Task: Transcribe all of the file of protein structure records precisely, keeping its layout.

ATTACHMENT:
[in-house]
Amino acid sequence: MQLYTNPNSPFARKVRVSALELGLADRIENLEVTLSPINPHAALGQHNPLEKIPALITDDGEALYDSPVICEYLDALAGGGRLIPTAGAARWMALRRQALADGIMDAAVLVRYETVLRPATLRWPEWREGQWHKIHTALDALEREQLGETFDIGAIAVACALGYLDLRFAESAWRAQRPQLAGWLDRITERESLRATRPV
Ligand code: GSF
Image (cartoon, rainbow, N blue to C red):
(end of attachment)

[in-house]
Amino acid sequence: MQLYTNPNSPFARKVRVSALELGLADRIENLEVTLSPINPHAALGQHNPLEKIPALITDDGEALYDSPVICEYLDALAGGGRLIPTAGAARWMALRRQALADGIMDAAVLVRYETVLRPATLRWPEWREGQWHKIHTALDALEREQLGETFDIGAIAVACALGYLDLRFAESAWRAQRPQLAGWLDRITERESLRATRPV
Ligand code: GSF
Image (cartoon, rainbow, N blue to C red):